alia
 ,
that:
the
Defence
failed
to
request
an
extension
of
time
 before
the
deadline;
and
the
issue
of
the
characterisation
of
the
armed
conflict
has
already
 been
extensively
discussed
 by
the
Defence
in
its
final
 brief.
It
recalled
that
it
will
take
into
account
in
its
final
 judgment
the
totality
of
arguments
presented
in
the
final
 briefs,
the
Defence
responses
and
relevant
discussions
during
the
closing
statements.
It
also
invited
the
Defence
to
present
during
their
closing
statements
any
additional
arguments
related
to
the
consistency
of
re
characterisation
of
the
armed
conflict
with
the
right
to
a
fair
trial.

7
May

The
Prosecution
the
Katanga
Defence
application
for
leave
to
appeal
Trial
Chamber
II’s
decision
rejecting
its
application
to
either
admit,
as
evidence,
portions
of
the
 judgment
from
the
Lubanga
case
which
address
the
two
intermediaries
143
and
316,
or
have
regard
to
those
findings
as
the
findings
of
another
Chamber
on
a
question
of
fact
relevant
to
this
case.
It
submitted
that
the
Defence
failed
to
identify
any
appealable
issue
that
satisfies
the
requirements
of
article
82(1)(d)
and
that
the
Defence
has
not
demonstrated
that
the
two
issues
presented
meet
the
criteria
for
leave
to
appeal.
10
May

submitted
its
amicus
curiae
observations
on
reparations
related
to
Lubanga
case.
It
argued,
inter
alia
 ,
that:
the
Court
should
order
 both
collective
and
individual
reparations,
with
an
emphasis
on
collective
reparations;
the
modalities
of
collective
reparations
should
have
individualised
components
and
allow
for
the
taking
into
account
of
individual
considerations;
TCI
should
undertake
further
consultations
with
victims/survivors
and
experts,
incorporating
a
gender
perspective,
to
determine
to
whom
and
how
reparations
should
 be
directed;
and
the
Trust
Fund
for
Victims
is
an
appropriate
 body
to
implement
reparations
in
this
instance
as
it
has
taken
a
specific
focus
on
gender
 based
crimes
in
implementing
its
general
assistance
mandate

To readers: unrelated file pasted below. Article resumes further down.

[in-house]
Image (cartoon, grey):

in
the
DRC,
Uganda,
and
the
CAR.

10
May

filed
their
amicus
curiae
observations
on
the
reparation
regime
 
related
to
Lubanga
case.
They
recommended
TCI
to
explore
the
possibility
of
extending
reparation
to
those
victims
who
have
not
participated
in
the
proceedings
and
noted
that
consultation
of
community
leaders
has
revealed
strong
tendency
in
favour
of
collective
reparation
due
to
its
inclusive
character
and
long
term
impact.
They
also
advocated
for
symbolic
forms
of
reparation,
for
example,
the
construction
of
commemorative
monuments.
10
May

submitted
its
observations
on
reparations
related
to
Lubanga
case.
It
argued
that
the
following
principles
should
 be
applied:
(a)
reparations
should
 be
designed
with
the
 best
interests
of
the
victims
as
a
primary
consideration;
(b)
the
eligibility
for
reparations
in
this
case
should
 be
assessed
as
 broadly
as
possible;
(c)
reparations
should
 be
applied
in
a
non
discriminatory
manner;
(d)
the
views
of
victims,
their
families
and
communities
should
 be
a
major
consideration
in
formulating
reparations;
and
(e)
reparations
should
 be
crafted
to
promote
non
repetition
of
the
crimes.
It
further
submitted
that
the
Court
should
grant
 both
individual
reparations
that
help
address
individual
specific
needs
and
collective
reparations
that
take
account
of
the
damage
caused
to
communities
and
address
their
needs,
including
the
need
to
support
the
rehabilitation
and
on
going
protection
of
victims.

 
2.
Situation
in
Referred:
January
2004

Investigation
opened:
July
2004
 
Warrants
Pending
The
Prosecutor
v
et
al.
charged
with
war
crimes
and
crimes
against
humanity
committed
during
LRA’s
insurgency
activities
in
 
Northern
Uganda
2002
2004